Once you have taken the backup we can start with the clean up. First we'll need to create a local txt-file that will include all the secrets we want to replace. This file will be used by BFG Repo-Cleaner to locate in which files and folders in the repository these secrets were exposed. Since I want to clean up client id and client secret I will create following file and call it "secrets.txt":
# secrets.txt 5ff4ff61-2caf-4676-a9e6-7b5e7f5e5b24 54614838-b267-4276-a423-f2915160bc70
Please note that the values are separated with a new line. File can be saved wherever it's easily accessible - I will save it to the same folder where I cloned my Git repo database to. Now we have everything we need in order to do the clean up. We can do that by executing
java -jar bfg.jar --replace-text "C:\Playground\test-cleanup\secrets.txt" demo-projects.git command:
PS C:\Playground\test-cleanup> java -jar bfg.jar --replace-text "C:\Playground\test-cleanup\secrets.txt" demo-projects.git Using repo : C:\Playground\test-cleanup\demo-projects.git Found 4 objects to protect Found 2 commit-pointing refs : HEAD, refs/heads/main Protected commits ----------------- These are your protected commits, and so their contents will NOT be altered: * commit 5066f64e (protected by 'HEAD') Cleaning -------- Found 3 commits Cleaning commits: 100% (3/3) Cleaning commits completed in 1,291 ms. Updating 1 Ref -------------- Ref Before After ------------------------------------- refs/heads/main | 5066f64e | 45438e8d Updating references: 100% (1/1) ...Ref update completed in 71 ms. Commit Tree-Dirt History ------------------------ Earliest Latest | | . D m D = dirty commits (file tree fixed) m = modified commits (commit message or parents changed) . = clean commits (no changes to file tree) Before After ------------------------------------------- First modified commit | 08b69254 | 11b05548 Last dirty commit | 08b69254 | 11b05548 Changed files ------------- Filename Before & After ----------------------------------------- azure-pipelines.yml | 578e8c2d ? 43f73acf In total, 4 object ids were changed. Full details are logged here: C:\Playground\test-cleanup\demo-projects.git.bfg-report\2022-02-20\13-32-27 BFG run is complete! When ready, run: git reflog expire --expire=now --all && git gc --prune=now --aggressive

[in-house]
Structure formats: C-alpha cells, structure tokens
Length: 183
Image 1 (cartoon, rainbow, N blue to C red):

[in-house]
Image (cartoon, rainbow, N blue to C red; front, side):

What happened now is that BFG Repo-Cleaner updated all the commits, branches and tags and replaced all the secrets defined in secrets.txt with
***REMOVED*** placeholder. Pay attention to the following message popping up in the command output:
These are your protected commits, and so their contents will NOT be altered: * commit 5066f64e (protected by 'HEAD')
This message means that the tool has identified the latest commit to master branch which it locks and will NOT overwrite, even if it contains an exposed secret. Therefore, before running the tool you need to ensure that the latest commit in master branch doesn't contain the exposed secrets or you will need to re-run the tool once a new, secret-free commit is added to master.
BFG Repo-Cleaner also generates a report that can make it easier for you to examine the changes that have been done before they're pushed to the remote repository. As you can see in the bottom of the script full details have been logged to a separate folder that was created in the same directory from which you called the tool -
reponame.git.bfg-report. The files we're most interested in are:
- changed-files.txt - in this file you can see which files have been changed. For my test repo this file looks like this: